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Bedouin’s Coffee Corner: The Podcast To Stream Right Now

The podcast series from the heart of the Middle East dispels some of the western prejudices about the region and its culture while hosting change-makers and highlighting creative initiatives and progressive movements.

Jam-packed with information, as well as tinged with some entertainment and light-hearted chatter, it isn’t a surprise podcasts have been dominating the media landscape for a while. They also give listeners the ability to dive into topics without having to set aside some time to read or watch a video and offer many more benefits, including brain-boosting ones. With so much going for educative, portable, energizing and seriously engaging audio content, it isn’t surprising it’s the media avenue Sabal Almadi has chosen to spread her message. The Jordanian-American journalist, who is based in Saudi Arabia, is hosting her Bedouin’s Coffee Corner podcast series to dispel some of the western prejudices about the Middle East and Arab culture.

Founded by Almadi in May 2021 and now in its second season, the podcast with a unique positioning in Saudi has quickly amassed about 27K followers. As well as featuring change-makers in the region, Bedouin’s Coffee Corner highlights creative initiatives and progressive movements. Available on Apple Podcasts, the series is meant to make Arabs feel proud about their different cultures and heritage and encourage them to embrace their rich history. Additionally, the platform wants to show the west the other side of the Middle East they don’t see in long-established media. It’s all about highlighting the region’s cultural diversity and its beautiful ancient traditions while disabling the most common assumptions around its culture. The podcast also serves as a window for local talents, including photographers, designers and make-up artists to get noticed.

“My ultimate aim would be to get investors in order to turn this into a full-on production on a network, that would be a dream,” Almadi, who lives in Al Khobar, tells AboutHer. “This is something I’m working towards, the more attention the podcast gets, the more it has a chance at turning into a show (video and audio) on a network, which means more stories/ voices of the Arab world will be heard globally.”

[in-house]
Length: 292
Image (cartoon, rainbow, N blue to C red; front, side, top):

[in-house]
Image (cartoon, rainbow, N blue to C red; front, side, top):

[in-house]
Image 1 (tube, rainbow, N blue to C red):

The episodes include groundbreaking guests from all over the Middle East. During the second season, Almadi has had an impressive line-up, including Aya Barqawi. She spoke to the pace-setting fashion designer, stylist and photographer about the influencer scene in Jordan and how she got to where she is today. The young Almadi also sat down with Saudi Lama Alhamawi, a fellow journalist based in Riyadh, and the two touched on journalism, content creation and life. Meanwhile, Zeina Kilani, who has made a name for herself as a top stylist and worked with major regional publications, actually kickstarted the season. Dina, known as Dinas_version on TikTok, has been another recent guest on the show. The conversation with her involved double standards, TikTok experiences, books and more.

While Almadi’s list of guests she would love to have on upcoming episodes is long, Emirati entrepreneur and businessman Anas Bukhash is one of those who has made it to the top. “His positivity, resilience, and overall vibe is incredible. He’s really inspiring to me,” Almadi says about the Co-Founder of Ahdaf Sports Club and Founder of Bukhash Brothers Company. She also hopes to host award-winning journalist, activist and motivational speaker Noor Tagouri. Tagouri is also the producer of the documentary series “The Trouble They’ve Seen: The Forest Haven Story” and the “Sold in America: Inside Our Nation's Sex Trade" podcast series. Almadi simply describes the Liyban-American as “an icon.”

After working in media and PR, Almadi realised it wasn’t exactly the kind of work she felt at one with. She subsequently decided to enroll in New York University’s online Master of Arts in American Journalism programme, which happened to have a podcast class. The class required students to pitch ideas for a podcast show. And Almadi, a podcast enthusiast who had already toyed with the idea of launching one, took the university project as an opportunity to delve into the world of audio content without needing to worry about botching things up.

Almadi, the sole Arab in her programme, found herself moaning to her mum about how so many of the articles she came across during her studies misrepresented the Arab world. And it was while discussing this over an early morning cup of coffee in the special coffee corner of their house that the idea of Bedouin’s Coffee Corner came to light.

Almadi’s next step in her entrepreneurial journey is to find opportunities to monetise the podcast, whether it’s through collaborations, investors or something else. “Currently, I’m open to all possible opportunities. Additionally, I am aiming to take the next step as Sabal to get into being a moderator/speaker. Who knows, anything is possible,” she says. 

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